To send or receive but not both: An inter-cellular signaling switch for multi-cellular pattern formation



David Sprinzak,

California Institute of Technology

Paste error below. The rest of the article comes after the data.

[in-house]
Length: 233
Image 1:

How complex patterns of cells are generated during embryonic development has been a central question in science for centuries. In the past few decades many of the molecular components involved in these processes (signaling molecules, genes, and proteins) and their interactions have been identified. While we can use this knowledge to draw a detailed interaction network of genes and proteins, it is often unclear how these genetic networks generate the observed patterns. In this talk, I will describe the experimental and theoretical analysis of a class of developmental processes that lead to ‘fine grained’ patterns: patterns with a typical length scale of one cell (e.g. alternating patterns of cell fates or sharp boundaries between regions of cells). In animals, many of these fine grained patterns rely on the Notch signaling pathway which is the canonical communication system between neighboring cells. We use quantitative time lapse microscopy of mammalian cells together with mathematical modeling to study how the properties of the Notch signaling pathway affect pattern formation. We show how the Notch signaling pathway integrates extracellular and intracellular signals to generate a sharp switch between two mutually exclusive signaling states; a ‘sender’ state in which a cell can predominantly send signals, and a ‘receiver’ state in which a cell predominantly ‘receives’ signals. Furthermore, we show how this signaling switch can play an important role in the differentiation of neighboring cells into distinct fates in several developmental patterning processes. Finally, I will describe how the experimental and theoretical approach developed in this study can be generalized to address a variety of basic questions in developmental patterning that cannot easily be investigated with standard biological techniques.